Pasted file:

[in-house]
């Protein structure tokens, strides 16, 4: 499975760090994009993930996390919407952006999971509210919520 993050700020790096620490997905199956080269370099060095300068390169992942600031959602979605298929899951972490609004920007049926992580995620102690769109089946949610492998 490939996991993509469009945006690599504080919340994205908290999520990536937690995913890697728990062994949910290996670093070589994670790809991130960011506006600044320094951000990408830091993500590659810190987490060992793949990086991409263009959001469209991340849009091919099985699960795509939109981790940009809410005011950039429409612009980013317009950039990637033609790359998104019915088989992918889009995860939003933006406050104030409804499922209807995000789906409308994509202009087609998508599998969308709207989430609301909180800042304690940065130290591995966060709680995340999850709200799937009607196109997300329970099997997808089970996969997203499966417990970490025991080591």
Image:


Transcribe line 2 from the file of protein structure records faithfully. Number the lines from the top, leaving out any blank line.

């Protein structure tokens, strides 16, 4: 499975760090994009993930996390919407952006999971509210919520 993050700020790096620490997905199956080269370099060095300068390169992942600031959602979605298929899951972490609004920007049926992580995620102690769109089946949610492998 490939996991993509469009945006690599504080919340994205908290999520990536937690995913890697728990062994949910290996670093070589994670790809991130960011506006600044320094951000990408830091993500590659810190987490060992793949990086991409263009959001469209991340849009091919099985699960795509939109981790940009809410005011950039429409612009980013317009950039990637033609790359998104019915088989992918889009995860939003933006406050104030409804499922209807995000789906409308994509202009087609998508599998969308709207989430609301909180800042304690940065130290591995966060709680995340999850709200799937009607196109997300329970099997997808089970996969997203499966417990970490025991080591």